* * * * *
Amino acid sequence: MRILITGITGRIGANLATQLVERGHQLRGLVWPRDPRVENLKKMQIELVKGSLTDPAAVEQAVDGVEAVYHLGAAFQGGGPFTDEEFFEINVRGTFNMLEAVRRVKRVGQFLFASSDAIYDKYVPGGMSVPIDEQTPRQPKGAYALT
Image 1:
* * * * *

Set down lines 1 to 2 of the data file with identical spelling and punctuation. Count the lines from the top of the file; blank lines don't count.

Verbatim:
Amino acid sequence: MRILITGITGRIGANLATQLVERGHQLRGLVWPRDPRVENLKKMQIELVKGSLTDPAAVEQAVDGVEAVYHLGAAFQGGGPFTDEEFFEINVRGTFNMLEAVRRVKRVGQFLFASSDAIYDKYVPGGMSVPIDEQTPRQPKGAYALT
Image 1: